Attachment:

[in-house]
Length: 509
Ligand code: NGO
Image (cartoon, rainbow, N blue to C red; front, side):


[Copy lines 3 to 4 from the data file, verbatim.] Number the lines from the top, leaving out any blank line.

Ligand code: NGO
Image (cartoon, rainbow, N blue to C red; front, side):